Skip to Main Content
Image at top shows a map of demographic data for Philadelphia

NIH Data Management & Sharing Plan (DMSP)

Useful Guides

Updated Resources

NIH Data Management & Sharing Policy (2023)

This page is intended to inform the Penn community about the new National Institutes of Health (NIH) policy. The current NIH policy on sharing research data expires January 25, 2023.

What is new about the 2023 NIH Data Management and Sharing Policy?

Beginning on January 25, 2023, ALL grant applications or renewals that generate Scientific Data must include a detailed plan for managing and sharing data through the entire funded period with plans for data dissemination. You must provide this information in a Data Management and Sharing Plan (DMSP). In addition, once the award is made and plan approved, compliance with the DMSP will be a determining condition of the work, meaning it can impact future funding decisions.

Why is the NIH making these changes? 

The NIH is emphasizing good data stewardship with the goals of advancing rigorous and reproducible research and promoting public trust in scientific endeavors. 

How does the NIH define scientific data?

Scientific Data are "the recorded factual material commonly accepted in the scientific community as of sufficient quality to validate and replicate research findings, regardless of whether the data are used to support scholarly publications. Scientific data do not include laboratory notebooks, preliminary analyses, completed case report forms, drafts of scientific papers, plans for future research, peer reviews, communications with colleagues, or physical objects, such as laboratory specimens."

Am I required to share my data?

The policy encourages efforts to maximize appropriate sharing, but recognizes exceptions (i.e., legal, ethical, or technical reasons). These reasons must be communicated in the NIH DMSP.  In addition, sharing plans must be communicated in informed consent documents. In the end, ALL data must be managed, even if not all data can be shared.

What is included in the DMSP?

The DMSP must include the following key elements and should be concise (2-pages or fewer). Plans should be updated throughout the award.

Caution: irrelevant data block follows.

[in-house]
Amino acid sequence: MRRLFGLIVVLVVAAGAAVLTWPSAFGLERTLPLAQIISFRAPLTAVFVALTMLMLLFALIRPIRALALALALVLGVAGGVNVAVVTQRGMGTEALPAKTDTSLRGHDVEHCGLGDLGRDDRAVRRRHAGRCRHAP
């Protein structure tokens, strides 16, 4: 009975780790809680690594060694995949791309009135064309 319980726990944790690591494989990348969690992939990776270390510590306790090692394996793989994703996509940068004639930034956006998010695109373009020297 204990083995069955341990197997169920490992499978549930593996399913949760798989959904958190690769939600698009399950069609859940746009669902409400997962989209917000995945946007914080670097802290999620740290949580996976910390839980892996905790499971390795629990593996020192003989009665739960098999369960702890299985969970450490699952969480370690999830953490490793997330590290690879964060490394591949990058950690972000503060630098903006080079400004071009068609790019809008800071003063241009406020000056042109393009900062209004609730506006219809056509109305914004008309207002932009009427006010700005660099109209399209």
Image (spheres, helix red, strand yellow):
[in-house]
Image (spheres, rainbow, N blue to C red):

The NIH has created a new website with more detailed information about the DMSP. You can also read the Supplemental Information: Elements of an NIH Data Management and Sharing Plan for more details.

  • Data Type
    • Identify how data will be managed, preserved, and shared
  • Related Tools, Software, or Code
    • Identify any tools needed to access or manipulate data
  • Standards
    • Identify standards for the scientific data and associated metadata (i.e., data formats, data dictionaries, data documentation, unique identifiers)
  • Data Preservation, Access and Associated Timelines
    • Identify a repository
    • Create a unique identifier for dataset (often assigned by repository automatically using a DOI)
    • Develop timeline for data availability. Data must be shared no later than publication of findings or by the end of the award (for unpublished data). 
  • Access, Distribution, or Reuse Considerations
    • Describe factors for subsequent data access, distribution, and reuse
  • Oversight of the DMSP
    • Explain how the DMSP be monitored and managed and by whom

Research Data Engineer

Profile Photo
Lauren Phegley
she/her

Lauren Phegley holds consultations on data management, DMPTool, writing Data Management Plans (DMPs), and data sharing.

Schedule: Tuesdays from 10-11am EST (Zoom or in-person) and Fridays from 11-12pm EST (Zoom only).

Head of Research Data Services

Profile Photo
Lynda Kellam
she/her

Head of Research Data Services

See schedule button for current dates and times. Appointments available in person and on zoom.

Subjects: Data & GIS